I’m excited to be here with you on this beautiful morning in Molepolole! I can’t think of a better start to the day than planting trees and hugging babies!
Before we do that, I want to recognize all of you with us today for this fantastic opportunity to kick-start tree planting in Botswana. To Paramount Chief Kgari Sechele the Third; District Commissioner Bernice Mosise; Ministry of Environment, Natural Resources Conservation, and Tourism Deputy Permanent Secretary Felix Monggae; the team from Forest Conservation Botswana; government officials; representatives of the media; and members of the community, thank you for joining us!
We’re here to launch Forest Conservation Botswana’s Trees for Life initiative, and our goal is to plant 10,000 trees over the next year across five regions: Molepolole, Ramotswa, Palapye, Maun, and Tsabong. And welcome to all of the beautiful babies—and their parents especially—for taking time away from their naps, feeding, and play time. Because what each of them represent—like these saplings—is Botswana’s future.
FCB, as most of us know Forest Conservation Botswana, has collaborated with the Ministry of Health and Wellness through District Health Management Teams in the five regions to distribute tree seedlings to new mothers and fathers when they are discharged from health facilities. By planting the trees, these parents are not only marking the birth of their children, but also securing a greener future for them.
Botswana is already feeling the impact of climate change, and we just recorded the hottest summer in 2018. Climate change is increasing our vulnerability to disasters such as heat waves, fires, floods, and droughts. Trees will play an important role in countering the effects of deforestation and climate change. It is against this backdrop that Botswana and the United States, working together through FCB, have embarked on this massive tree planting campaign.
When it comes to tree planting, we should all stand up and be counted. Each and every one of us can play a role in countering the effects of deforestation and reversing land degradation. I’m impressed with the efforts of the people of Ethiopia, Nigeria, Senegal, and other countries to plant trees as part of the African Great Green Wall to stave off the encroachment of the Sahara. Just the same, we can have our own Great Green Wall to prevent further desertification in the Kalahari.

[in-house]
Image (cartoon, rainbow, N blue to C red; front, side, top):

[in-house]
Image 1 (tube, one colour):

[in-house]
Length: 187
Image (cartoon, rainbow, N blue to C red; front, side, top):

The United States’ support for Forest Conservation Botswana is a modest but important example of our cooperation with Botswana on environmental conservation. Our ecosystems are linked, and so is the fate of our children, who depend on us keeping this planet green for them and their generations to follow. So we must face climate change together if we are to deal with the intertwined challenges of deforestation, desertification, and human-wildlife conflict. As habitats for humans and wildlife both shrink, our competition for resources intensifies.
Our environmental conservation programs recognize that the best interventions are the ones that benefit humans, wildlife, and the environment we all share. For example, the U.S. Agency for International Development program called Resilient Waters works to provide access to safe drinking water and sanitation services for the people of Botswana and its neighbors. The program also improves management of transboundary natural resources needed to maintain healthy water systems for humans and wildlife. Meanwhile, the VukaNow and KAZA programs are strengthening enforcement against poachers, improving policy frameworks, and promoting collaborative action and learning to address wildlife crime.
The symbolism here is clear. These saplings, like the babies who will adopt them, represent hope. Hope that Botswana will remain an environmental treasure, and hope that these babies will live long, happy, and fulfilling lives. But for them to succeed—they need our help. These parents can’t do it alone. They depend on each and every one of us here to build communities and ecosystems where both can thrive. To families and communities, the birth of a child brings joy, love, a new beginning and a renewed hope for a better tomorrow. It is now my honor to officially launch the Trees for Life initiative. PULA!
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